Personality Lessons for CIOs: Leverage Your Strengths, But Remain Adaptive | eWEEK – eWeek

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People of certain personality types tend to gravitate toward certain careers. Such is the case with CIOs, and this gives us insight into their common behaviors and thought patterns. For today’s CIOs, self-awareness of personality aspects that have served them well, and those that may hold them back, is critical.

A study from researcher Joe Peppard found 70 percent of CIOs exhibit the ‘ISTJ’ personality type. Each letter in this Myers-Briggs Type Indicator® (MBTI) framework represents a preference for one of two opposite poles:

Introversion/Extraversion: Do we tend to focus on the outside world of people and activity (Extraversion) or the inner world of thoughts and feelings (Introversion)?

Sensing/Intuition: Do we trust information gathered through the five senses (Sensing), or more abstract patterns and possibilities (Intuition)?

Thinking/Feeling: Do we base decisions on objective logic (Thinking), or our values and priorities (Feeling)?

Judging/Perceiving: Do we prefer to remain decisive and in control (Judging) or do we like to keep our options open, remaining spontaneous and flexible (Perceiving)?

ISTJ, the most common personality type among CIOs, prefers Introversion, Sensing, Thinking and Judging. This type focuses on the inner world of thoughts and feelings, trusts information gathered through the five senses, bases decisions on objective logic, and prefers to remain decisive and in control. In my consulting work I’ve found that this orientation has many advantages, but also some blind spots.

Strengths and blind spots

Consistent with the ISTJ preferences, I’ve found that CIOs tend to like timelines and closure, are goal- and deadline-oriented, enjoy analyzing data, think systematically, and base decisions based on prior experience. These preferences have advantages for CIOs, whose jobs require thinking projects through from start to finish and understanding the resources and stakes in a new initiative.

However, ISTJ ‘blind spots’ can hold them back. They may not handle change well, may tend toward black-or-white thinking, and can get set in their ways. If they don’t check themselves, they can begin to think they have all the answers – an attitude which makes it difficult to adapt to market changes, new leadership, or a new position.

We saw this as cloud computing emerged as a viable alternative to on-premises and required rethinking many assumptions. CIOs that held to the notion that data is inherently less secure in the cloud often found themselves sticking to policies that put their companies at a disadvantage with more progressive-minded competitors. Now, as the cloud landscape evolves to include more complex models such as distributed cloud, and as the price of cloud hosting rises, CIOs must remain flexible.

Understanding the C-suite

As CIOs are increasingly asked to drive revenue, understanding how to communicate effectively with the C-suite is critical. Peppard observed that the most common CEO personality type is ENTJ (Extroversion, Intuition, Thinking and Judging). One notable difference between the most common type for CEOs and CIOs lies in the Sensing (S) /Intuition (N) dimension of personality. Whereas CIOs lean on concrete information, many CEOs focus on patterns and possibilities.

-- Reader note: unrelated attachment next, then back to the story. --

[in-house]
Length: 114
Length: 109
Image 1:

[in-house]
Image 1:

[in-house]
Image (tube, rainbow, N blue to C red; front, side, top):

CIOs who are aware of these differences can make a persuasive case for their recommendations by emphasizing how it supports the ‘vision’. Or they may decide to look past some of the murky details to embrace a CEO’s wider view of what’s possible.  For instance, a CIO might need to consider replacing a legacy logistics system that works perfectly well with a newer, mobile-enabled system that – while requiring heavy upfront lifting – could offer tremendous performance gains.

Dealing with ‘personality-diversity’

While the manual MBTI® Type Tables for Occupations (Schaubhut and Thompson) shows that IT staff have in the past tended toward preferences for Introversion and Sensing, with a focus on “concrete information,” I’m seeing signs of this changing as other personality types enter the profession.

Personality diversity may ignite conflict, but it also brings diverse thought, which can spark creativity and innovation. For example, in today’s environment a seasoned CIO may see their ideas challenged by a staffer who subscribes to what Gartner refers to as anywhere operations, which relies more heavily on automation and technologies such as edge processing. If CIOs learn to effectively manage people who think differently, they may find unique ways to address today’s widening range of technology-related business problems.

The CIO evolves into a true leader

Tomorrow’s CIO won’t just be valued based on understanding of complex technologies, but also on their ability to help teams rapidly evolve to market shifts.

Consider the disruption of COVID-19, which has forced companies to expand work-from-home policies. CIOs now must reconsider how cybersecurity is handled. Furthermore, they must address an explosion of remote collaboration technology. While technical acumen will always be critical, moving forward the biggest differentiator may be self-awareness of where they need to adapt – whether to new personality types, or tectonic industry trends.


Author Bio: Sherrie Haynie is Director of US Professional Services for The Myers-Briggs Company